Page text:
Some dreams are the opposite of a nightmare. I call them blessed dreams. My first blessed dream happened at the dusk of my teenage years. It was brief and involved my great aunts Ruth and Edna. This dream was exceptionally lucid, with a false awakening that made it seem even more real. While it is well established that very unusual things can be dreamed, their appearance was rare indeed. I have never met Ruth and Edna because they died in a car accident along with my great grandpa back in 1936, and I have only seen their death portraits.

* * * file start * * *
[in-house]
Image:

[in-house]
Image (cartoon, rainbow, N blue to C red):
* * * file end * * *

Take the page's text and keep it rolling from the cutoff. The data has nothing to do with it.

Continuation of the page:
In the dream, I walked into the long hallway of my parents’ house, and Ruth and Edna were bouncing a ball back and forth at the opposite end. The ball and their white dresses were embedded with an ethereal glitter. Seeing them provoked the most intense ambivalence I have ever felt, awake or asleep. I was shocked at their presence, but I was also overwhelmed by the profound joy they radiated. Before they noticed me, I realized I must be dreaming and forced myself awake because the emotion of this dream was so strong it could be withstood for just a brief time, or so it seemed at the time